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Wild Holiday Gift Idea: A National Monument

Photo: Outfitters and recreation enthusiasts continue their fight for national monument status for Browns Canyon. Photo courtesy: Mason Cummings
Photo: Outfitters and recreation enthusiasts continue their fight for national monument status for Browns Canyon. Photo courtesy: Mason Cummings
December 8, 2014

BUENA VISTA, Col. - Browns Canyon has provided the gift of beauty and recreation for centuries - and now outdoor enthusiasts and others want to give the region the protection they believe it deserves. Keith Baker, executive director with the Friends of Browns Canyon, explains why they believe the area deserves national monument status.

"As a part of an overall landscape, as a wildlife habitat, as a unique environment, a lot of us feel it merits a higher degree of protection," says Baker.

Legislation to designate Browns Canyon as a national monument has been introduced in Congress several times by members of both parties, but failed to make any progress. If it was successful, Baker says the region would be eligible for greater protection and federal funding and would gain another avenue to market its recreation to travelers.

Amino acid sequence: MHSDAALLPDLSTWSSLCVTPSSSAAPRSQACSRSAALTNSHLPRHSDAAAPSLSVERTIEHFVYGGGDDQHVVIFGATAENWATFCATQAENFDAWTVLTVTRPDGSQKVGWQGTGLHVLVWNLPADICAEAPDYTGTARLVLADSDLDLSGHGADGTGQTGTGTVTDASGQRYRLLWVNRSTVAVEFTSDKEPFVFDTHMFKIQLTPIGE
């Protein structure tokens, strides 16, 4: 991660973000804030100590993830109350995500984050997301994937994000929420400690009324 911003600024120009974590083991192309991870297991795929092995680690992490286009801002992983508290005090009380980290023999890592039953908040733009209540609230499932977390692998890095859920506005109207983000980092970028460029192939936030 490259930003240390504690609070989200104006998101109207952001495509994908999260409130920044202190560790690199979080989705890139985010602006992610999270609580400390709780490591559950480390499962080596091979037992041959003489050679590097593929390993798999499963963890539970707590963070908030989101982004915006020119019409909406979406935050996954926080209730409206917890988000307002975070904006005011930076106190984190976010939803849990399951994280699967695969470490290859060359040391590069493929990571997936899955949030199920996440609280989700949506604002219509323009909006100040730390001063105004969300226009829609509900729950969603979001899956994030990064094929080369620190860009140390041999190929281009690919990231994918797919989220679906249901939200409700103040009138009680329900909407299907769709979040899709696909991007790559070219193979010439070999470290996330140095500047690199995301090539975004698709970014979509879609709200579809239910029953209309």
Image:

Veteran Logan Matheny, a volunteer for Friends of Browns Canyon, has made several trips to Washington to fight for the national monument status. He says since Browns Canyon is a popular destination for people around the world, the state should have financial support in protecting it.

"People come from all over the country and all over the world to Colorado for the recreational opportunities because it is so beautiful and gorgeous here," Matheny says. "As it stands now, Coloradans are the only ones paying for Browns Canyon. "

According to the Colorado River Outfitters Association, commercial rafting in Browns Canyon generates $55 million to the economy annually, but Baker believes the national monument status would offer additional economic growth.

"There are people who visit national parks and visit national monuments, and one of their goals in life is to visit as many of them as they possibly can and so it would put a star on the map to help draw additional people," he says.

Opponents have expressed concerns about grazing rights and access by first responders to fight wildfires. Supporters say a national-monument designation also would ensure people continue to have access to the roads, vehicle river access, mountain bike trails, ATV trails and dirt-bike trails that currently exist.

Stephanie Carson, Public News Service - CO